The rise of creative and technological industries and the snowball effect. Creative industries and the tech sector were early adopters of coworking space and their numbers are growing. These sectors value the ‘software’ of work – the cultural, social and value system of the organisation – over the ‘hardware’ of work – desks, meeting rooms, IT infrastructure, conference and printing equipment, notes Ramidus Consulting in a report entitled Future Workstyles and Future Workplaces in the City of London. In technology companies, for example, solving knowledge problems through collaborative face-to-face group interaction is first nature. This style of work has caught the zeitgeist, prompting professional services firms, such as real estate advisory firms, business services companies and broader SMEs to start emulating this work style.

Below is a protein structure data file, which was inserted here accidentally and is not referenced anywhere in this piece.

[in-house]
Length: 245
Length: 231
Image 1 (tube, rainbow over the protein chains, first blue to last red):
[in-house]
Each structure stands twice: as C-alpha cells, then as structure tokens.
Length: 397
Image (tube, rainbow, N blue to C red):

Rising demand for flexibility. The demand for greater work flexibility is coming from all angles. Technological and social changes have influenced the youngest working generations – dubbed the Millennials – to prioritise collaborative and creative working environments with the freedom to work whenever and wherever. Young talent wants the office to be in a place that is fun and which blurs the boundaries between work and social life. At the same time, companies are increasingly looking for extra space for short-term projects, experimental cross-company collaboration and temporary space in between conventional leases.